AS edX , Coursera, and Udacitycontinue to build and launch massive open online courses (MOOCs)—and other would-be contenders approach the field—evidence and opinions are accumulating about how best to use such courses, the experience of learning this way, and possible applications of the evolving technology. Herewith, a survey of some recent perspectives, and some news updates on the users of an earlyHarvardX course and Coursera’s expansion into professional education.
Independent news source & thought center for the online education community.
While some institutions of higher learning have grown skeptical of the MOOC phenomenon spreading through its ranks (and the startups responsible), you have to give Coursera credit for keeping its foot on the gas. In less than six months, the MOOC startup has taken meaningful steps towards monetization and toward becoming a legitimate MOOC university, adding career services, verified certificates for a fee, courses for credit, along with teh addition of 29 new institutions (to bring its total to 62).
Duke will continue it experimentation with online learning with the addition of 10 faculty offering new courses trought the Coursera Platform in the coming year.
Part 1. The obligatory history lesson:
It happened to the record industry first. While popular music had long been available on radio, it could be argued that a true music industry as we know it today didn’t arise until the 50‘s and 60‘s when distributable media and players became widely available. To summarize – you bought your music on record, then on 8-track, then on cassette, and then on CD once again. Sounds very much like a ‘cartel’, or “association of suppliers with the purpose of maintaining prices at a high level and restricting competition”. Record companies (not artists generally) held the content and the means of distributing it to us the passive consumer.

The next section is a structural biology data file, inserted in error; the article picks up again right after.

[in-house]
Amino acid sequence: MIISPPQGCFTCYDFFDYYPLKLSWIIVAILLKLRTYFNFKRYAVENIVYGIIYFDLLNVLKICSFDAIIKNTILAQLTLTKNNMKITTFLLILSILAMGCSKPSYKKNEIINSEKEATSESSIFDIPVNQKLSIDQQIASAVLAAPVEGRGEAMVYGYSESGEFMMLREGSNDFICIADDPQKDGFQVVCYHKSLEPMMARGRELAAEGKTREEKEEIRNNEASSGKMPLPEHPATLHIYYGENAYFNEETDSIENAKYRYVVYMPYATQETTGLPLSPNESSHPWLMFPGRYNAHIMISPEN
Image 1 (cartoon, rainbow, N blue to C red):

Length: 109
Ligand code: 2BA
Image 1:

But that’s where technology turned. CD drives in computers plus early sharing software like Napster meant that instead of getting good at mashing the pause button on your stereo so recording to cassette stopped before the adds kicked in, you could rip a whole CD to MP3 in minutes and upload it for anyone who was also connected to the net. You could also bypass the record stores entirely by downloading songs, for free. It meant you didn’t have to buy your music a fourth time in some other format – you now controlled the file. No it wasn’t legal, but it was what the people wanted.